I had the privilege of attending a creative meetup in Baltimore at the end of August courtesy of Jennifer Cooper of Classic Play and Kara Johnson, creator of a blog called A Creative Reality. After meeting at a blogging conference,these two dynamic women conceived and created the Cone Collective, a group for the benefit of uniting creative people. And I am a happy creative member. Named after the famous art collecting sisters whose collection comprises a whole wing at the BMA, they’ve created a club of creatives and throw parties, or meet-ups, for all of us to meet one another and be creatively inspired. I was there for this 5th meetup and it was held in the Spur Design Studio in my former hood of Hampden. ( I will delight you with pictures of our quick spin on the Avenue in my next post.)
There were guest speakers on several aspects of being a professional creative. Andrea Pippins names her co-panelists and sums up her panel participation and her walk away inspiration wonderfully on a post on her Flygirlblog. Other guest ‘discussers’ were Caroline Urdaneta, blogger and Mom of four, who’s Salsa Pie creative kid crafts projects are now mini videos produced by PBS. She and her videos are very sweet. And the young Alisa, location director for Raw Baltimore, a showcase event for all sorts of artists, many of whom need promotional help for their art and through these events, they get to shine.
Here’s two thoughts I took away. Video is the now thing. And don’t underestimate your value to large brands. Ms. Jennifer is blogging for the likes of Pepperidge Farms and Disney. And she too has gotten a video opportunity with PBS. And she believes in pay it forward. These are bloggers who are hard at work and still are making the time to be here for the rest of us. Stellar gals all of them.
Today, I wanted to share the questions and answers from Jennifer about why she organizes these meet-ups, what drives her, and if there’s such a thing as enough?
Cone Collective Meet-up/Questions for Jennifer:
Me : This is your fifth meet-up? What is your reward in continuing to organize these meet-ups? Is there a personal satisfaction or a professional perk in doing this?
During the panel discussion, I noticed everyone agreed they were “happy” after answering the question about sacrifice to make the creativity happen/pay-off. What is your definition of “enough” success or creative productivity? And what’s the relativity to the happiness factor? Can you be happy in the process?
Ooh, you ain’t pulling any punches are you? Okay, full honesty here: I don’t know if there’ll be “enough” creative productivity. At least, for right now, at this particular point in time, I can’t envision what it’d look like. I’m still in the process of discovery and becoming. Maybe that’ll be a process that never ends. And the happiness, for me, comes with doing. I’m not thinking of things I could be doing, I’m doing them. Granted, I’m not doing them all well (some of them are a right hot mess), but I’m doing.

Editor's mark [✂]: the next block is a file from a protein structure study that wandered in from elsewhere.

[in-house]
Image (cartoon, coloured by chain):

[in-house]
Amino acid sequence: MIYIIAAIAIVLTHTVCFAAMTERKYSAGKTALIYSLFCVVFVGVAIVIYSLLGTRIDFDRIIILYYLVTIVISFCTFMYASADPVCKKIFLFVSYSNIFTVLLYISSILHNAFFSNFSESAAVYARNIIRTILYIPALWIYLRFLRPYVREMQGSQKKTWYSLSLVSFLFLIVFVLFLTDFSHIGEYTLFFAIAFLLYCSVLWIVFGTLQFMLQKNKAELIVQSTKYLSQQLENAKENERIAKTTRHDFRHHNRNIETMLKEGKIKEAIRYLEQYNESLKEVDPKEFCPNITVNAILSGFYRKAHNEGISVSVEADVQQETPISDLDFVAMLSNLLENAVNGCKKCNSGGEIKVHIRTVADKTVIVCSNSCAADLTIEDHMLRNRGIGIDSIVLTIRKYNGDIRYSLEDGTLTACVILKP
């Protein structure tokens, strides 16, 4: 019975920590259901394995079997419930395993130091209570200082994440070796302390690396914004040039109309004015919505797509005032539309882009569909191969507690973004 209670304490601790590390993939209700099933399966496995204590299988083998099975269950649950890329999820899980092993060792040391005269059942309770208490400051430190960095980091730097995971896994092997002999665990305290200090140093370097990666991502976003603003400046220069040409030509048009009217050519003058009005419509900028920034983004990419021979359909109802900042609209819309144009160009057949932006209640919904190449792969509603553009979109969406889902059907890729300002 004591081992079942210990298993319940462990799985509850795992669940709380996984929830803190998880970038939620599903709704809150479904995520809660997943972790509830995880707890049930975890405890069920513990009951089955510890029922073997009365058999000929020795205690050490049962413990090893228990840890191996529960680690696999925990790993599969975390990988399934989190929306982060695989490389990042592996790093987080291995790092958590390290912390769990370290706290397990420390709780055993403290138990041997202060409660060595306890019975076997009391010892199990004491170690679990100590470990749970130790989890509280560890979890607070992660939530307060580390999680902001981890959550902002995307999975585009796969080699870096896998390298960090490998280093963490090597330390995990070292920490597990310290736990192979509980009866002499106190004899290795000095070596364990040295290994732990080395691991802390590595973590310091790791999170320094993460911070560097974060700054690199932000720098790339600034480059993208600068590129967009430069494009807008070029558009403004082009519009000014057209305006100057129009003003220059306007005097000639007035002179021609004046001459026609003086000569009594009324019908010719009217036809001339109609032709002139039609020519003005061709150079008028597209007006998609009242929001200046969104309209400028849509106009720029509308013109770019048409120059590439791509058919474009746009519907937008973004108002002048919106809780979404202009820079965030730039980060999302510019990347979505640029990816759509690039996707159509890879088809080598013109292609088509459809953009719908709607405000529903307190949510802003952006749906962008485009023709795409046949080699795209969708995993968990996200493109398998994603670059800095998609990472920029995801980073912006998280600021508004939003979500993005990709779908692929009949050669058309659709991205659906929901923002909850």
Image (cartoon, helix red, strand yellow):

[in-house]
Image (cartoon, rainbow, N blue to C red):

I absolutely heard your “people said I’m clever” comment. Can you repeat that comment and explain why it’s not a compliment. Is what you really want to be recognized as talented or capable? What is that?
You know how we all have something that bugs us? Something that’s not entirely rational? That clever thing is one of them. It’s silly, but to me, it sounds diminutive. So yeah, I suppose what I wanted was to be recognized for being talented or creative. Clever reminds me of some sly fox, and we all know the sly fox is the butt of the joke in the story.
Is the drive to be successful, as with many of us, a need not to be seen solely as a Mom (not that there’s anything wrong with that)? Or is it the fear of non-achievement, illegitimacy, or incapability that drives us?
Hmm… I’m not sure. It’s kinda hard to psychoanalyze myself, but I think it’s two-fold. First, I really do want to help make people’s lives better. That’s the empathy component. And the more successful you are, the more people you reach, and the more change you can affect in people’s lives. (Maybe that’s a God complex? I hope not, because that’d be a huge burden) Second, yeah, I suppose it’s that I have an aversion to being defined by such rigid constraints. We could look into that further but I’m afraid you’d have to charge me a therapy fee.
Was there a point, after you’d busted your hump to establish a product and presence, when you could relax a little?
Not yet. In fact, and this is something I’m struggling with now, but it’s had a snowball effect. The more work I produce, the more work I seem to have. I don’t want to complain right now though because after taking so many years off to raise the kids, it’s amazing to have the work. But I do fear I’m starting to spread myself too thin.
I love this question. I love it because I think that by being a productive artist, I’m showing my kids that their art (and I use that term broadly) is important too.